A landmark study conducted by researchers at the University of Otago in New Zealand has revealed a direct link between higher intakes of dietary fibre and whole grain foods and a reduction in the risk of a heart disease, diabetes and colorectal cancer.
Their systematic reviews and meta analyses of observational studies and clinical trials conducted over nearly 40 years show a 15-30% decrease in deaths and incidence of coronary heart disease, stroke, type 2 diabetes and colorectal cancer, when comparing the highest dietary fibre consumers with the lowest.
The study’s findings will be used to inform new World Health Organisation guidelines on fibre intake. Publication of the study (in the Lancet) is set a backdrop of declining fibre intakes, partly due to the popularity of low-carb diets.
Lead author, Dr Andrew Reynolds, says the results provide convincing evidence that people should increase their dietary fibre intake and replace refined grains with whole grains.
“Our research indicates we should have at least 25 to 29 grams of fibre from foods daily, although most of us currently consume less than 20 grams of fibre daily,” Dr Reynolds explains.
“Practical ways to increase fibre intake is to base meals and snacks around whole grains, vegetables, pulses and whole fruits.”
Co-author Professor Jim Mann, from the Department of Medicine and Co-director of the Edgar Diabetes and Obesity Research Centre, says the study findings are significant.
“This study is essential as there is increased public confusion over what to base our meal choices on, and the impact our dietary choices have on our risk of certain diseases. While we all knew that dietary fibre was good for us we didn’t know the extent to which the old mantra was true.”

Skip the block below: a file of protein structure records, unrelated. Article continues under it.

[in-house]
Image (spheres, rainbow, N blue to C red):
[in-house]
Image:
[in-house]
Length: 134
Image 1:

“Prof John Cummings, told BBC News that the study was a ‘game-changer that people have to start doing something about it'”
Prof John Cummings, told BBC News that the study was a “game-changer that people have to start doing something about it.”
The study looked at 58 clinical trials and 185 prospective studies from all over the world that considered the role of fibre, whole grains, dietary glycaemic index, and glycaemic load on health.
Professor Mann says the study is unique in that it has examined a range of indicators of carbohydrate quality and many disease outcomes, whereas previous studies have generally looked at one indicator and a single or small number of diseases.
The researchers found people who increased the amount of fibre in their diet had lower bodyweight, and total cholesterol.
“We also found an overwhelmingly positive effect, with high fibre diets being protective against heart disease, diabetes, cancers and measures of mortality,” Professor Mann says.
The researchers note that results also showed “diets with a low glycaemic index and low glycaemic load provided limited to no benefit”. They point out that foods with a low glycaemic index or low glycaemic load can also contain added sugars, saturated fats and sodium.
The researchers warned that the study’s findings would not end so-called ‘diet wars’, because there were so many vested interests. Professor Mann told The Guardian: “It’s twofold. There is the commercial vested interest, which there is an enormous amount of from chefs and celebrity chefs and so on. And there is also the professional vested interest.”